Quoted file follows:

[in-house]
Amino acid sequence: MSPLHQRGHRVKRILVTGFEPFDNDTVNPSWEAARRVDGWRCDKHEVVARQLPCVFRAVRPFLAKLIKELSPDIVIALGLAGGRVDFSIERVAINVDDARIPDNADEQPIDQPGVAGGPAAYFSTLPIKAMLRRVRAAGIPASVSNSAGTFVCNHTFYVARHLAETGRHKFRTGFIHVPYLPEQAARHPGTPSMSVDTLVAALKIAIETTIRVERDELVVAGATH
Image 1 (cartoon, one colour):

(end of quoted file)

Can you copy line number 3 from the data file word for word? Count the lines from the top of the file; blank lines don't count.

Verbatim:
Image 1 (cartoon, one colour):